For the best chance of ranking for any of these keywords, follow this example. Trying to sort a list when seekers want guidance will be an uphill battle.

As with the content type, however, the SERP is not always as clear as in the examples above.

Just check out the top pages to learn how to get more subscribers on YouTube. There's a pretty even mix of how-to blog posts and list formats.

US Rankings for "How to Get More Subscribers on YouTube" from Ahrefs Keyword Explorer.

In this case, this is probably the best way to go because the target keyword includes "How to". It's worth noting, however, that there isn't exactly one definitive answer. Everyone sees things differently and you could go either way. We chose the list format for our post in order to get more YouTube subscribers as it fits better with the tips we want to share.

Our page ranking at number 9 for "How to get more YouTube subscribers".

2. Content angle

The content angle relates to the main selling point of the content. For example, those looking for "how to make latte" seem to want to know how to do it at home – without special equipment.

For the "best MacBook," people are clearly looking for new results.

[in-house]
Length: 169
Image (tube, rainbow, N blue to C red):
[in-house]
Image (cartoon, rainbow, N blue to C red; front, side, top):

Just in case you haven't understood the gist, the content angle isn't always that clear. When you look at the top results for Fried Rice Recipe, there are multiple angles: best, simple, restaurant style, etc.

In this case, the perfect content angle is for everyone. Just pick the angle that you think will be most attractive and useful to someone following "how to make fried rice".


While it is important to align your content with the expectations of the searcher, you may not want to always follow the herd. If you're sure that you can get searchers' attention to a different type of content, format, or angle, feel free to try it out.

2. Be thorough

Having content that broadly matches search intent is a good start, but rarely enough. To earn a spot on the first page of Google, it has to keep its promise. And that means covering all the things that seekers expect and want to see.

Since you've identified the three Cs of search intent, you probably already have a rough idea of ​​what searchers might want to see. For example, if you are writing about buying Bitcoin and the top sites are for beginners, it is probably not advisable to go into detail about the blockchain.

However, analyzing the three Cs only gives you a general view of intent. To better understand what your content should cover, you need to analyze the relevant top ranking pages in more detail.

The key word here is "relevant". If you are targeting the keyword "best golf club sets" and you plan to write a review about the best sets, there is no point analyzing and drawing inspiration from top ecommerce sites or individual club posts. You want to analyze pages similar to yours.

Let's see how to do that.

Look for general sub-headings

Most pages divide a topic into subtopics with subheadings. These provide quick insights into what searchers are looking for, especially if you notice the same or similar sub-headings on multiple pages.

For example, when we check the sub-headings for others on the page SEO Instructions we see that each page contains a definition.